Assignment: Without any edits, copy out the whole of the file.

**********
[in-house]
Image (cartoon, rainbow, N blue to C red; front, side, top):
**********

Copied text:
[in-house]
Image (cartoon, rainbow, N blue to C red; front, side, top):